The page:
Gucci Mane may be the hardest working man in show business. Over his 16-year career, he’s released 11 studio albums and 70 mixtapes. He’s used his music to talk about his journey through the criminal justice system and addiction while transforming the sound of pop music. – Jonquilyn Hill

When we dove into conspiracy theories

Anna Merlan on conspiracy theories

I’m endlessly fascinated by conspiracy theories—how they form, how they evolve, how they influence public life. So when Megyn Kelly interviewed Alex Jones, it seemed like a perfect time to dust off our Richard Hofstadter and dive in. This was one of the shows where I wish we could’ve broadcast the pre-interviews we did with the guests. They were so smart, so fascinating and had so much more to say than could ever fit into a one-hour show. – Gabe Bullard

When we asked if the American Dream is dead

Many listeners were very moved by the story of the guest Elizabeth Valdivia, who works full-time in Silicon Valley but is homeless. Several asked what they could do to help her. As a result of this show, reporters with KQED and Bloomberg began to look into her story. – Danielle Knight

When Sheryl Sandberg and Adam Grant talked about grief and resilience

This was Sandberg’s only hour-long interview on her book about how she dealt with the death of her partner. Usually we see her as a commanding, wise leader of industry. This time we saw her as a wounded widow, learning to live without the love of her life. It was a very human, vulnerable conversation that taught us about loss, resilience and empathy. — Joshua Johnson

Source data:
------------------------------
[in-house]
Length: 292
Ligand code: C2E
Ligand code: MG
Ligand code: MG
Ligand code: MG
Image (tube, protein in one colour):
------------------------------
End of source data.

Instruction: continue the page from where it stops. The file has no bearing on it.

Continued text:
When we did a show on James Baldwin

(Photo by Allan Warren CC BY-SA 3.0)

Sometime, maybe around the end of 2015, it seemed like James Baldwin’s writing was everywhere again. Decades-old essays and speeches were being shared and discussed online. And in early 2017, a new documentary about Baldwin debuted. It was the perfect time to talk about the life and legacy of a literary legend. We put together a panel of writers, readers and thinkers who had all been personally moved by Baldwin’s work. Plus, we dug through archives of Baldwin’s past TV appearances and put together a few of our favorites, which you can find in the link above. – Gabe Bullard